Armstrong had been in discussions with the organisers for himself and the then US Postal Service team to compete in the 2003 JCTDU last January, but timing conflicts with the team presentation in the USA prevented their participation. Armstrong had spoken to Australian riders Stuart O'Grady (Crédit Agricole), a two-time winner of the JCTDU, as well as his USPS team-mate Matt White, at last year's Clasica San Sebastian. Discussions with Turtur followed and the American rider expressed interest in bringing his family to Adelaide for some early season training, as well as competing in the six-stage race.

"However, due to commitments with his team in the United States he couldn't make it," Turtur said. "The good thing is that he's fully aware of the race. He's heard so much about it and he was pretty keen to come."

"We're confident we'll have a top line-up of teams, like we have in past years," Turtur said of the 2004 race.

A cycling gold medallist from the 1984 Olympics, Turtur keenly watched this year's Tour de France and noticed how many of the active break-away riders in the Tour also competed in the 2003 JCTDU, while other stars of this year's Tour had also been in Adelaide in January. The Tour's green jersey competition was largely a battle between the same riders who went shoulder-to-shoulder in the sprints at the JCTDU earlier this year.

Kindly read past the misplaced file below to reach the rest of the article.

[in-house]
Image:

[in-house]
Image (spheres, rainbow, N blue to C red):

Turtur said the stage race continues to gain momentum in Australia and in international cycling. The parcours and relatively-short stages (all are less than 160km) are designed to accommodate the training plans of the world's top professional riders, who are normally in training for the spring classics and full European season.

The race regularly features several Division I teams, world champions and the winners of many of cycling's monuments. Nonetheless, expectations in South Australia are high, given that the race is partially under-written by the State Government. "There is no doubt Armstrong's presence would raise the prestige of the event as high as the French Alps he so relentlessly ascends each July," said the editorial in the newspaper.